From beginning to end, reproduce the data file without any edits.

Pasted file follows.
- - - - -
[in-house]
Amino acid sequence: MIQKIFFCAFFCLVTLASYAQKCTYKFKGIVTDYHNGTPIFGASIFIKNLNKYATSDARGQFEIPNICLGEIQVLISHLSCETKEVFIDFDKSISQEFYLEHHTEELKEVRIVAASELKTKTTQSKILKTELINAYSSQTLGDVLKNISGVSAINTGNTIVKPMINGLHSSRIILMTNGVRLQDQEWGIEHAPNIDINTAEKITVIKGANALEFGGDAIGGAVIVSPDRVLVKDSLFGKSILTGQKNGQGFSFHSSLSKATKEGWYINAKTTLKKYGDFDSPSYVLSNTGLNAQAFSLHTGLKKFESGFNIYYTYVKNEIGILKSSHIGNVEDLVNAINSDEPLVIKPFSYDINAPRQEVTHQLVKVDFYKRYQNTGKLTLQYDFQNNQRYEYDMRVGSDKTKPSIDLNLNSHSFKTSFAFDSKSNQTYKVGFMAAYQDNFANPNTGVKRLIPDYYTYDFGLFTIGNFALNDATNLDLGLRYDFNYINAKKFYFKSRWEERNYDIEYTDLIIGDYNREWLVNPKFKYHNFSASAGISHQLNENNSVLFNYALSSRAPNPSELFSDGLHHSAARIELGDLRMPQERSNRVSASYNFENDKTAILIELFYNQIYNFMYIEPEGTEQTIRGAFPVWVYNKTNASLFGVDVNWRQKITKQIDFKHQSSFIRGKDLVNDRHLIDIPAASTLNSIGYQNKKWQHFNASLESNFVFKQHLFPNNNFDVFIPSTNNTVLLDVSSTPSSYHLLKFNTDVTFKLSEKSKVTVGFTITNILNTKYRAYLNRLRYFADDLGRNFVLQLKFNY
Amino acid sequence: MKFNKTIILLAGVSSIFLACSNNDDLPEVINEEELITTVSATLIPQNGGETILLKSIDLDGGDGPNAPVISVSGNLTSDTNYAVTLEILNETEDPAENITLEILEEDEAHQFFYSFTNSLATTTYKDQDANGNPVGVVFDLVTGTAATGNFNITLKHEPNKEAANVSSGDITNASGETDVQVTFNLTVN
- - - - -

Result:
[in-house]
Amino acid sequence: MIQKIFFCAFFCLVTLASYAQKCTYKFKGIVTDYHNGTPIFGASIFIKNLNKYATSDARGQFEIPNICLGEIQVLISHLSCETKEVFIDFDKSISQEFYLEHHTEELKEVRIVAASELKTKTTQSKILKTELINAYSSQTLGDVLKNISGVSAINTGNTIVKPMINGLHSSRIILMTNGVRLQDQEWGIEHAPNIDINTAEKITVIKGANALEFGGDAIGGAVIVSPDRVLVKDSLFGKSILTGQKNGQGFSFHSSLSKATKEGWYINAKTTLKKYGDFDSPSYVLSNTGLNAQAFSLHTGLKKFESGFNIYYTYVKNEIGILKSSHIGNVEDLVNAINSDEPLVIKPFSYDINAPRQEVTHQLVKVDFYKRYQNTGKLTLQYDFQNNQRYEYDMRVGSDKTKPSIDLNLNSHSFKTSFAFDSKSNQTYKVGFMAAYQDNFANPNTGVKRLIPDYYTYDFGLFTIGNFALNDATNLDLGLRYDFNYINAKKFYFKSRWEERNYDIEYTDLIIGDYNREWLVNPKFKYHNFSASAGISHQLNENNSVLFNYALSSRAPNPSELFSDGLHHSAARIELGDLRMPQERSNRVSASYNFENDKTAILIELFYNQIYNFMYIEPEGTEQTIRGAFPVWVYNKTNASLFGVDVNWRQKITKQIDFKHQSSFIRGKDLVNDRHLIDIPAASTLNSIGYQNKKWQHFNASLESNFVFKQHLFPNNNFDVFIPSTNNTVLLDVSSTPSSYHLLKFNTDVTFKLSEKSKVTVGFTITNILNTKYRAYLNRLRYFADDLGRNFVLQLKFNY
Amino acid sequence: MKFNKTIILLAGVSSIFLACSNNDDLPEVINEEELITTVSATLIPQNGGETILLKSIDLDGGDGPNAPVISVSGNLTSDTNYAVTLEILNETEDPAENITLEILEEDEAHQFFYSFTNSLATTTYKDQDANGNPVGVVFDLVTGTAATGNFNITLKHEPNKEAANVSSGDITNASGETDVQVTFNLTVN